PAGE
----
- No OfferNegative ExperienceAverage Interview
I applied through a recruiter. The process took 2 weeks – interviewed at SMART Technologies (Calgary, AB (Canada)) in October 2011.
Phone interview with HR followed by technical interview at head office. They spent most of their time telling me about the project they were hiring for, and explaining how important it was. Technical interview involved signing a document not to discuss "proprietary technologie s" and included asking questions about OO basics, and differences between functional programming.
- Design, from back to front, on paper, a URL shortening service. Answer Question
- No OfferNegative ExperienceEasy Interview
I applied through an employee referral – interviewed at SMART Technologies (Calgary, AB (Canada)) in September 2011.
First contact was a phone screening from a recruiter. He asked me some questions about my experience and based on that he decided on a position to slot me into for an in-person interview. Though I was not currently employed in a tech lead position, I was sent an email informing me that I my in-person interview would be for a tech lead position.
My in-person interview was filled with bad omens from the start. Both myself and another man who looked older than me were waiting in the lobby. Rather than calling out my name and waiting for the candidate to approach him, the interviewer walked straight up to the older looking candidate and asked him if he was me.
Once we sorted that out, I was in a room being interviewed by two managers. My resume had noted that I had a certain number of years of experience with C++. They asked me about that and when they learned that I included non-professional experience in that number, they crossed that number out on my resume and wrote the number of years of professional experience in its place. That bothered me for several reasons, least of which because it implied that they thought that I was misrepresenting myself on my resume. Maybe if they had asked me more questions they would have learned why that experience was relevant.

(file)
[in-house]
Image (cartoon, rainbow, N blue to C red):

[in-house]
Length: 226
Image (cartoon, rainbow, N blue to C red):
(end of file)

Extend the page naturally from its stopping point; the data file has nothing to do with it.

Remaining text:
We spent some time talking about development process at my then current job and then it steered back to their own processes. They loved dropping big-A Agile buzzwords and would often respond to my questions with, "Well, the books say that..." but didn't really seem to be able to explain the essence of what they were doing. Cargo-cult agile alarm bells were going off in my head at this point.
Then they took a confrontational stance and noted that I was not a tech lead at my then current position but I was interviewing for a tech lead position with them. They asked, "Why should we promote you?" Given that their own recruiter had slotted me into this position for the interview, that was the last straw for me. I was fed up with the way this was going so I responded, "Maybe you shouldn't."
At that point they looked at each other and agreed that they knew everything that they needed to know, so they were going to skip the technical part of the interview. They were trying to communicate this to each other as if I was too dumb to realize that they were actually agreeing on "no hire" and didn't want to proceed any further. I knew this interview wasn't going anywhere but I was so offended by the way I was treated that I made them answer my questions for another 45 minutes anyway.
- This position is a higher level than your current position. Why should we promote you? Answer Question